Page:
I write poems mostly about my flying experiences. I am not a particularly good poet. But I keep working at it.
One of my first published poems was “A Lonely Impulse of Delight.” It was first published in the Air Force Times in the spring of 1969, when I was studying for my Master’s degree at the University of Michigan, after I returned from flying in Southeast Asia in 1968. In the fall of that year I read in the Air Force Times that one of my best friends, Dave Risher, a fellow C-130 pilot with whom I had frequently flown in Vietnam, had been killed in a C-130 accident in South Vietnam. He and all of his crew had perished when they hit a hill near Bao Loc, South Vietnam. Earlier in 1968, when I was still flying in Southeast Asia, Dave and I had flown into Bao Loc in clear weather, and in January of 1968 I had coached him on how to land at Khe Sanh. The poem is a (much modified) sonnet.
“A Lonely Impulse of Delight” –W. B. Yeats
(for David Risher, who died in Vietnam)
An airman must be Irish, slightly mad
To take that certain step that cancels all
The firm construction of an earthly stair,
And step to tread the thinner edge of air,
Where nothing yields support except the call
Of spirit in its element; who had
His start, perhaps, beneath an August night,
When, having seen the sign of Scorpio fixed
Among such suns, he seldom looked to earth
Again, unless to gain perspective when
He led his wingman toward the sun and then
Bent back to earth, then up again, to birth
A new maneuver of delight, to mix
The thought of man with sun, whose thought is light.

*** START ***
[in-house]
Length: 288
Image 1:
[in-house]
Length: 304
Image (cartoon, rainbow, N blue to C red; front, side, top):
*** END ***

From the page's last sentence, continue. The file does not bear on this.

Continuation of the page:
This poem was directly inspired, as the title suggests, by a line in William Butler Yeats’ poem, “An Irish Airman foresees His Death.” Yeats was writing about an Irish airman who was killed while flying a single-seat fighter aircraft in World War I. How Yeats, who may never have been in a plane in his life, could write so well about the motivation for a pilot to fly, I do not know. Of course, it was only after I learned to fly in the Air Force that I could fully appreciate what “a lonely impulse of delight” in an aircraft might be like.
An Irish Airman Foresees His Death
I know that I shall meet my fate
Somewhere among the clouds above;
Those that I fight I do not hate,
Those that I guard I do not love;
My country is Kiltartan Cross,
My countrymen Kiltartan’s poor,
No likely end could bring them loss
Or leave them happier than before.
Nor law, nor duty bade me fight,
Nor public men, nor cheering crowds,
A lonely impulse of delight
Drove to this tumult in the clouds;
I balanced all, brought all to mind,
The years to come seemed waste of breath,
A waste of breath the years behind
In balance with this life, this death.
William Butler Yeats
“A Lonely Impulse of Delight” has been reprinted three times. It was first reprinted in Listen! The War, an anthology compiled by Fred Kiley and Tony Dater, my colleagues at the U. S. Air Force Academy in 1973. It was then reprinted in Flight: A Celebration of 100 Years in Art and Literature, edited by Anne Collins Goodyear, Roger Launius, Anthony Springer, and Bertram Ulrich (Welcome Publishers, 2003). In this book it appeared with Yeats’ “Irish Airman”; our two poems effectively marked the beginning and ending of the section of the book titled “The Airplane at War.” Most recently it was reprinted in On the Wing: American Poems of Air and Space Flight, edited by Karen Yelena Olsen and published by the University of Iowa Press in 2005.